It's definitely worth noting that micro-transactions were only a lightning rod issue- there are ships that are worth 3500$ flying on the server. Although 68 dollars for a clothing item is hardly considered a micro-transaction.
The missing spin-ship 'feature' was noticed so severely because spinning the camera around your ship in a station was the only thing you could do when you did not want to lose a ship that cost so much in real-life money or in game time to replace. Ships you could afford to lose are worth little in a real fight besides preventing bigger enemy ships from warping out before the big ships on your side can lock on. In those cases your "tackler" frigate blows up, and you still lose these somewhat expensive cybernetic implants that increase how fast you learn skills. Overall- the cost per death is unbelievably high for a game.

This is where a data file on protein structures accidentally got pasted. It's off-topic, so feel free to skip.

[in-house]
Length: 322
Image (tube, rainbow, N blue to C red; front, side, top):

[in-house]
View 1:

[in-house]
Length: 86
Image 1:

The biggest reason why EvE has never caught on with a larger population is the spec's required to *really* play are downright exclusionary. It's almost not worth mentioning that most players in the game play with the lowest possible settings for larger battles, and zoom out during those battles so that all that's visible are the UI targeting brackets on the ships. fly in anything less than a capital ship, and you can't zoom out enough to hide the ship models.
Having not played the game since Incursions,which were a failure in released format, it seems that more players are catching onto the polished turd that EvE is.